Joseph Wood Krutch (1893-1970), The Forgotten Peninsula: A Naturalist in Baja California
(New York: William Sloane Associates, 1961; rpt. Tucson: University of Arizona Press, 1986), pp. 275-276:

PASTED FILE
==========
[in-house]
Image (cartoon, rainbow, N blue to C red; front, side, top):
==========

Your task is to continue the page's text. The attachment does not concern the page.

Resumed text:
One after another the most accessible mountains and beaches are turning into Coney Islands of horror to which the hordes come, not to make contact with natural beauty, but to invade it with radios and all the other paraphernalia necessary to transform mountain or beach into a noisy slum so little different from the slums of the city as to make one wonder why they bother to come. At the same time, one after another of the superlatively beautiful but remoter regions of the earth are being taken possession of by the rich and the footloose for whom eager entrepreneurs build luxury hotels and casinos in which the patrons who have come thousands of miles may engage in much the same amusements they might engage in at home—which activity they sometimes call, goodness only knows why, "getting away from it all."